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Early Failure after Non-resectional Mitral Valve repair with Artificial Chordae
  • Ryan Moore,
  • Per Wierup,
  • A. Marc Gillinov
Ryan Moore
Cleveland Clinic
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Per Wierup
Cleveland Clinic Department of Thoracic and Cardiovascular Surgery
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A. Marc Gillinov
Cleveland Clinic
Author Profile

Peer review status:Published

15 May 2020Submitted to Journal of Cardiac Surgery
19 May 2020Submission Checks Completed
19 May 2020Assigned to Editor
22 May 2020Reviewer(s) Assigned
27 May 20201st Revision Received
06 Jun 2020Assigned to Editor
06 Jun 2020Submission Checks Completed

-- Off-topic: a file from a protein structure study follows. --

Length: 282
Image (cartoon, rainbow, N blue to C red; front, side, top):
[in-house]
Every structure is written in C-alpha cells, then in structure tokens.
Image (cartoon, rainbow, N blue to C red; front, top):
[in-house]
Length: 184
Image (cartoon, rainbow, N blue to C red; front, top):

06 Jun 2020Review(s) Completed, Editorial Evaluation Pending
06 Jun 2020Editorial Decision: Revise Minor
17 Jun 20202nd Revision Received
18 Jun 2020Submission Checks Completed
18 Jun 2020Assigned to Editor
18 Jun 2020Review(s) Completed, Editorial Evaluation Pending
20 Jun 2020Editorial Decision: Accept
28 Jul 2020Published in Journal of Cardiac Surgery. 10.1111/jocs.14817

Abstract

Severe recurrent mitral regurgitation (MR) within 1 year of mitral valve repair is usually attributed to a technical issue with the original repair procedure. However, when artificial chordae are employed to correct mitral valve prolapse, ventricular remodeling (i.e. decreased ventricular size) can lead to recurrent prolapse and valve dysfunction. To highlight this phenomena, we present 2 patients who experienced early failure after undergoing mitral valve repair with artificial chordae.